Comment Re:I don't think there's much of a case here. (Score 1) 192

Laws like the Air Commerce Act and the Federal Aviation Act which give the FAA authority over aircraft in the United States? Once those laws have been passed, it's up to the FAA to figure out what the rules are. That's called "administrative law" and the "real" law says "you have to follow the administrative law".

Let's say you fly the drone stupidly and get punished by the FAA. (If you fly the drone non-stupidly and follow the simple rules, that's fine with everyone.) They have to follow an internal process to decide if they punish you or not, and you get your say, but I recommend you be apologetic because they don't have to convince anyone but themselves to punish you. If you don't like it you can appeal - to the NTSB. If you don't like what the NTSB's Administrative Law Judge decides, you can appeal to the full board of the NTSB. The NTSB will only stop the FAA if the FAA isn't following its own rules or is acting "arbitrary and capricious" in its decision - that's extremely rare, though it did happen with drones a few years back (the FAA had to go through the full rulemaking process, which they've since done). If you don't like the NTSB's decision you can appeal that to the federal courts, who themselves will only intervene if the NTSB "abused its discretion, or its determination is wholly unsupported by the evidence". I don't think this has ever happened, but you're welcome to give it a shot!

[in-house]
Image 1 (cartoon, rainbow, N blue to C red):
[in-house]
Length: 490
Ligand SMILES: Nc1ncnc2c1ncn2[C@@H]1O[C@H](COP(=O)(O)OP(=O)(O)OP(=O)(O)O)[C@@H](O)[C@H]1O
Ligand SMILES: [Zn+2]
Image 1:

Comment Re:Common sense solution (Score 3, Insightful) 192

Er, what do you think "kill[s] millions of Americans every year"? Only 2.6 million people died in 2014 all together. 614k of those are heart disease, followed closely by cancer at 591k. Those two are the only causes of death above 150k/yr. Unless you're saying that "our Western appetites, processed food, and a largely sedentary lifestyle" are the "countless things" we're letting by, you're talking out your ass.

Certainly drones must seem like a non-issue to you if you think the world is at least 10x more fatal than it is. For the rest of us, it would be nice if people would be a bit more responsible with their dangerous toys. Like the old-school model airplane AMA-member types - that's all anyone (including the FAA) wants out of the drone types. I think the eggs and magnet bans are stupid too (though you can still buy the magnets btw) but drones can hurt other people so they're a different category.